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Nye Lavalle
Ratings Firms' Practices Get Rated
SEC Probes if Conflicts
Fueled Subprime Troubles
By AARON LUCCHETTI
September 7, 2007; Page C1
In the wake of mortgage-market turmoil, regulators plan to probe how the big credit-rating companies are paid and whether they are independent enough of the Wall Street firms that issue bonds.

The Securities and Exchange Commission and state attorneys general in New York and Ohio have begun to examine how the ratings firms evaluated subprime-mortgage-backed securities that grew into a trillion-dollar market. The ratings firms include McGraw-Hill Cos.' Standard & Poor's; the Moody's Investors Service unit of Moody's Corp., whose stock has soared in recent years; and Fitch Ratings, a unit of Fimalac SA of Paris.

Wall Street bankers churned out profits in recent years by bundling mortgages into securities and selling them to investors. Ratings firms played an important role because they gave investment-grade ratings to many of those securities, making it easier for Wall Street firms to sell the bonds.


Hundreds of those securities have since been downgraded by the ratings companies.

Though that is a small portion of all the securities graded by the ratings firms, the reversal contributed to a rout in credit markets last month and has sparked criticism of the ratings firms.

Critics point out that ratings firms' financial fortunes are closely tied to the volume of securities deals -- and that higher ratings often spur deals on by making securities easier to sell. In recent years, mortgage-backed securities have become a major profit driver at Moody's.

From 2003 to 2006, the growth in the mortgage market helped Moody's stock price triple, while its profit climbed 27% a year on average. The firm's CEO, Raymond McDaniel, received a compensation package of $8.2 million last year, about double his pay package in 2005 and triple what his predecessor made in 2000. S&P, as a unit of a larger public company, isn't required to release compensation figures.

This type of financial information is likely to be scrutinized by the various state and federal regulators. While ratings firms generally disclose the amount they collect to rate different kinds of bonds, the SEC wants to see whether clients that sell more deals -- and thus generate more revenue for ratings firms, tend to get better ratings. While there is no evidence so far of this kind of preferential treatment, regulators are interested in examining the question given the lucrative nature of the mortgage market, one person familiar with the matter said.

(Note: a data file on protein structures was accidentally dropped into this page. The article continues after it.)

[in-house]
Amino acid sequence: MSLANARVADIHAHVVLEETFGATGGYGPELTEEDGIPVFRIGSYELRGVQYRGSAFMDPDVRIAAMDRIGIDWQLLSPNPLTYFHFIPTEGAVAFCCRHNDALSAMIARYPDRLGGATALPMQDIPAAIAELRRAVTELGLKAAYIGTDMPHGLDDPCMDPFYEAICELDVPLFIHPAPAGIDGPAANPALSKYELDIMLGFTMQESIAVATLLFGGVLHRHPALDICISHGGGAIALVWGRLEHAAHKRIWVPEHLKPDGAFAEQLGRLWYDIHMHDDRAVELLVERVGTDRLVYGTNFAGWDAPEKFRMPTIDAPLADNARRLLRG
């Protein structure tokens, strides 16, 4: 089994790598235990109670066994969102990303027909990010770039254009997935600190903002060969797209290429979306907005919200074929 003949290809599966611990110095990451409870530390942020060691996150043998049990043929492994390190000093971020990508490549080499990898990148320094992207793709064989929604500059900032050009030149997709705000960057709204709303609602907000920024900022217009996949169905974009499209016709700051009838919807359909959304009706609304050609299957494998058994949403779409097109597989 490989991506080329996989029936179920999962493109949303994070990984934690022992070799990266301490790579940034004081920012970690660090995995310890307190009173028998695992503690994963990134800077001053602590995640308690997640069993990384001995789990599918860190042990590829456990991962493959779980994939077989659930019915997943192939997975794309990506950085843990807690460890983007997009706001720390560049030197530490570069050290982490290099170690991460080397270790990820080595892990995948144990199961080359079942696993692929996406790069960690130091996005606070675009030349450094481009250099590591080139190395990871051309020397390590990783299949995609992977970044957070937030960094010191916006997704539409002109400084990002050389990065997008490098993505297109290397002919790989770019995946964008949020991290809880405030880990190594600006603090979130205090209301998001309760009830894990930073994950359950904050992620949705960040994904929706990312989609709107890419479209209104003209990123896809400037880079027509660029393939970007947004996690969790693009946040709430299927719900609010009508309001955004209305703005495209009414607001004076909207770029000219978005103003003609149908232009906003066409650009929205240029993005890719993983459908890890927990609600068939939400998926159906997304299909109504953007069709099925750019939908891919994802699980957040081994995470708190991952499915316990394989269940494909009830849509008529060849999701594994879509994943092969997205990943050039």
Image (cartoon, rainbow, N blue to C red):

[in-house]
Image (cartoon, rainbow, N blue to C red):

"We're going in to look at the conflicts of interest, both in how they are paid and in their standards for rating," said Erik Sirri, director of the SEC's division of market regulation, after testifying on Capitol Hill on Wednesday.

In New York state, Attorney General Andrew Cuomo has subpoenaed documents from S&P and Fitch as part of a broader probe into the mortgage market. In Ohio, Attorney General Marc Dann is looking into the ways that rating firms interacted with Wall Street underwriters. "The more we look at it, the more we realize that these firms are important," said Mr. Dann.

Ratings firms, which say they did nothing improper, contend they remained independent evaluators of the securities even as their ratings business grew with the exploding mortgage-backed security market.

S&P and Fitch spokesmen said their firms are cooperating with the investigations and they look forward to discussions about how the ratings process works. S&P's spokesman added that the firm's ratings criteria are "publicly available, non-negotiable and consistently applied." A Moody's spokesman said: "We have received various government inquiries and we will fully assist with each of these."